(It will take actual battle to see how much the Russians have improved the autoloader system. In prior recent generations of tanks the Soviet-style crewed turret with autoloader tended to not be as quick and flexible as M60s and M1s with human loaders. Maybe the removal of crew from the turret means they can do an efficient fully robotic load/reload scheme without the people getting in its way.)

I don’t see why it would be hard to make that difficult - and seriously hazardous to anyone attempting it.

You don’t “hold territory” with tanks, either. Tanks are a forward offensive weapon (direct artillery) which requires substantial logistical support (fuel, ammunition) to operate for any significant period and distance. The function of the main battle tank is primarily to drive into an enemy front and destroy fixed strategic positions and anti-personnel artillery with greater accuracy than strategic bombing can perform, so as to clear way for mechanized infantry behind it.

In the future of remote/autonomous warfare, less value will be given to protection of mobile battlefield artillery platforms against attack than mobility and low observability, as well as the ability to interoperate with airborne surveillance and coordination. The heavily armored main battle tank is as much of an anachronism to the future of war as a battleship.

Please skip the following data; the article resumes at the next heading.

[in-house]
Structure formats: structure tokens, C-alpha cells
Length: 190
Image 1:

Yeah we call it a drone now, but then its a bolo, and then bun bun. We are all screwed.


It is my understanding from reading articles on the subject, it was a popular topic when the US lost a drone to the Iranians a couple of years ago, that drones link straight to a satellite and such an air to air (space) signal is easier to secure. Also, when jammed, the drone can more easily autonomously return to it’s base. A jammed tank would have to just sit there until someone was able to either reach it or reestablish communication.
Tanks tend to be in harms way by design and when they are needed they are REALLY needed. Risking jamming or requiring a very highly reliable data link to fire the gun seems like asking a lot. And people who drive big iron tend to be conservative about such things.